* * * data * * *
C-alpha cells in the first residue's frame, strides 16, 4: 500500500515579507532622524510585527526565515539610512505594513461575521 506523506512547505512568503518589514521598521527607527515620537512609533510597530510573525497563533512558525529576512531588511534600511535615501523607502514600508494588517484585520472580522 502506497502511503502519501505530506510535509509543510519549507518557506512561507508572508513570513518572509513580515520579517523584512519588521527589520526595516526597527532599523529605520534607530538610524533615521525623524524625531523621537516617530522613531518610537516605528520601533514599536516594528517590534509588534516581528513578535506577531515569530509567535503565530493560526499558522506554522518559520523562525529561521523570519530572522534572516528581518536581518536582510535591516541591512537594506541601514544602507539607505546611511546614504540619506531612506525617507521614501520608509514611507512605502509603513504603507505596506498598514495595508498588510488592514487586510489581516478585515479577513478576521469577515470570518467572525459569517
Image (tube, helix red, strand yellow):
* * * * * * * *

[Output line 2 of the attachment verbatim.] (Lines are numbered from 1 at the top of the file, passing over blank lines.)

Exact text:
Image (tube, helix red, strand yellow):